A few months ago, I did a series of articles on Design Patterns in WordPress that was meant to provide an introduction to object-oriented design patterns, and how they can be used when developing projects on top of WordPress.
When it comes to working with WordPress, code is normally written one of two ways:
For procedural programming, think of
functions.php in theme development, and for object-oriented think of plugins. This isn’t to say that procedural programming isn’t used in plugins – it often is (case in point: Markdown Code For WordPress) – but so are object-oriented techniques (see the WordPress Plugin Boilerplate).
In short, decide patterns exist for a reason: They are proven solutions to common problems that appear in software development.
Yes, they may have to be tweaked a bit for a given situation, but the definition, structure, and so on remains the same. The thing is, I don’t often see many design patterns used throughout WordPress product development.
To be clear, I’m not talking about WordPress core, I’m talking about products built on top of WordPress. Perhaps I’ve just not done enough digging or paid enough attention to some of the work that’s out there, but I think if we – as developers – spent time working on implementing design patterns in our work, projects could have much more longevity rather than devolving into spaghetti code that’s so often found in WordPress work.
Design Patterns in WordPress
So, I spent a significant portion of the first part of my career working at a large company working on .NET applications. And, like they say, the more code you write, the more you begin to notice the same problems emerging again and again.
They just take on a slightly different form. This is a perfect example of when a design pattern is likely to fit the bill.
At this point in my career, the same can be said for WordPress. There are correct ways to perform certain actions and there are ways to do things that just work.
As with any programmer, as I look back at code that I wrote even 8 – 12 months ago, I cringe. But if I look at the stuff I’ve been working on, I’m more pleased. But give it 8 – 12 months and I’ll likely cringe again.
Such is the developer’s life.
Anyway, with that said, I think that we’re also starting to see certain patterns – or at least conventions – arise in theme development with the organization of things such as Underscores. Directories are laid out a certain way, code is written a certain way, and so on.
So perhaps it’s safe to say that if it’s not patterns, at least aim for conventions.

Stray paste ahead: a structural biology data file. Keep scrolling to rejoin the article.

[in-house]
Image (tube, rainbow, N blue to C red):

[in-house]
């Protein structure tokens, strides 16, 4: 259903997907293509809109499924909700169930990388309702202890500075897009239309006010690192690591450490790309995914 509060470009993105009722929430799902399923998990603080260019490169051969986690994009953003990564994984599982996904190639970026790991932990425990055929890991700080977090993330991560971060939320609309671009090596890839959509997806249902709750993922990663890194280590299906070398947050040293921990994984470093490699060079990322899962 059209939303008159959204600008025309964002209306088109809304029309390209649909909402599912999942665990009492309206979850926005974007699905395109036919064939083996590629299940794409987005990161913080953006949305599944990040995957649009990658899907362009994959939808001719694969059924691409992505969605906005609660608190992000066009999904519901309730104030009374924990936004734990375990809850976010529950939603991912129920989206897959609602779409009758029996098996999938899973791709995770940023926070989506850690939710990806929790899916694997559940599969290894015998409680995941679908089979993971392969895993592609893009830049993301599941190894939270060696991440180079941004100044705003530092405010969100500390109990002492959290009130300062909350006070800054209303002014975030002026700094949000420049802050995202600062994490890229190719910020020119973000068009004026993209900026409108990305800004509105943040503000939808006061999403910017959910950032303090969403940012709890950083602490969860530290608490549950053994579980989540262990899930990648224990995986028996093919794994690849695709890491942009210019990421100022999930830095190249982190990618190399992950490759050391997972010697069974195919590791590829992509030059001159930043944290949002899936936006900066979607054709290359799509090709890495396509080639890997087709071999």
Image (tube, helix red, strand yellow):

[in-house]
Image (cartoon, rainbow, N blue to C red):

But with all of that said, why should we – as developers – bother with using and/or evangelizing design patterns in WordPress?
Personally, I think that WordPress provides a solid platform on which to introduce budding developers into software development.
The application is full stack from database to the front end and there is potential to use variety of technologies. It also supports plugins (or add-ons) and gives them a feeling of what it’s like to work on a significantly larger team thanks to the open source nature.
Design patterns in WordPress can help to further educate developers on patterns that have been around for decades, why they matter, and how to use them.
The more code that you write, the more likely you are to see common problems appear throughout your work.
Using design patterns makes your work more maintainable, arguably more readable, and improves the maintenance factor far more than using things such as spaghetti code.
It can also help to provide a stronger conceptual model of the architecture of a product because its fitting in to a sort of predefined architecture – or, well, ahem, a pattern – that makes it easier to keep track of the various moving pieces of the application.
One of the defining factors – if not the defining factors – of open source software is the ability for anyone to introduce contributions to further develop the product.
If said product starts off by following a defined paradigm, then it makes it significantly easier for contributions to know where new code should code, how it should functions, and how it should interact with what’s already defined.
This is a much better alternative than letting people provide patches that solve a problem, but do so in a sloppy, difficult to maintain way. Of course, the patches that are introduced like that aren’t always a result of the contributor, but the core software itself. But I digress.
The Double-Edged Sword of WordPress Development
One of the greatest strengths that WordPress has is its low-barrier of entry for anyone to get started; however, I think that this is a double-edged sword.
Yes, it’s easy to get up, running, and programming with WordPress; however, the nature of some of the languages that are used throughout make it far too easy to simply get something working rather than taking the time to educate ourselves on the WordPress-way to do it, or even the more elegant way to do it.
At any right, I think evangelizing design patterns either through implementing them more in our own work, discussing them more on our own blogs and articles, and educating others on how to use them could go along way in not only attracting other software developers, but making us better at what we do, as well.